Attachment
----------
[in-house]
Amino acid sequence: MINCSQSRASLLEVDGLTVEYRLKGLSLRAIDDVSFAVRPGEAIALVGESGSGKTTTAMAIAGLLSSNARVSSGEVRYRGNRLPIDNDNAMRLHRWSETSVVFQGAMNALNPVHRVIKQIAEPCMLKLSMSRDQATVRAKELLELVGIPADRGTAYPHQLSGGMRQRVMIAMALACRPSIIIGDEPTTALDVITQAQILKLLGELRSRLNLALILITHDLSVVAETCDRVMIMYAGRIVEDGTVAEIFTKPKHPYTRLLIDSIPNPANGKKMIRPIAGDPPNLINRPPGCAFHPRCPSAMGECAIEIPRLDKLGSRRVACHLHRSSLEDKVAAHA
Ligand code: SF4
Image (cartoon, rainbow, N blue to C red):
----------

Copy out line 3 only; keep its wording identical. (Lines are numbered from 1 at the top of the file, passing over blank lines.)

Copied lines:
Ligand code: SF4